Court freezes accounts of trader over air supply deal

The High Court has frozen the accounts of a businessman who allegedly received nearly Sh80 million but failed to meet the tender conditions.

Justice Francis Gikonyo stopped Dennis Njau Kimani from accessing his accounts following an application by the Ethics and Anti-Corruption Commission (EACC) claiming that he colluded with Isiolo County Government officials to defraud taxpayers.

“A restraining order is hereby issued prohibiting Kimani from withdrawing, transferring or disposing the amount of money held in his personal account and that of his company for a period of six months,” ruled Justice Gikonyo.

The case against the businessman unveiled massive fraud in the county government that was reminiscent of the National Youth Service scandal, in which millions of shillings were paid to companies and individuals for supplying nothing.

EACC forensic investigator Leonard Mungai, in his affidavit, said they received information that Kimani had been irregularly awarded a Sh79.8 million tender to construct two oxygen production plants in 2017, yet no such facility existed in the county.

Mr Mungai swore that the businessman got the tender through his company, Hitmax Limited, and ended up being paid without meeting stipulated conditions.

“The contract was for building oxygen plants but the businessman only imported two medical oxygen machines from Turkey, valued at Sh12 million. This is not the reason he was awarded the contract, which makes us believe it was a calculated scheme to defraud public funds,” said Mungai.

Forged account

According to the investigator, Hitmax Ltd presented forged bank account statements during the bidding process and won the tender it did not qualify for through collusion with officials from the county government.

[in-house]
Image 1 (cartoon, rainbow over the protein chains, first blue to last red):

After being awarded the tender, the company allegedly opened a new bank account, through which the money was channeled.

Mungai swore that there were fraudulent procurement processes leading to the payments, in which the county officials signed an inspection report saying the equipment was in good working condition even before it was imported.

“The oxygen machines were to arrive in the country on June 27, 2018, but by June 14, the officers had signed a compliant certificate, which facilitated the full payment to Kimani. It was not possible to inspect the equipment and clear them before arriving in the country,” said Mungai.

As soon as the money hit Kimani’s company account, the investigator swore, Kimani immediately started transferring the funds to other accounts to conceal the fraud.

On July 12, last year, Mungai stated that the businessman transferred Sh15.2 million from the Hitmax Ltd account to his personal bank account and another Sh13 million on July 16.

On July 18, Kimani is said to have transferred another Sh10.5 million from Hitmax Ltd and a further Sh2.5 million to Fusha Trade Credit Ltd, in which he is a director.

“Evidence obtained so far points to the fact that the funds hurriedly transferred to those accounts are proceeds of crime. Kimani is engaged in money laundering and the court needs to stop him from further transferring the money to help us trace the rest of the Sh79.8 million,” said Mungai.

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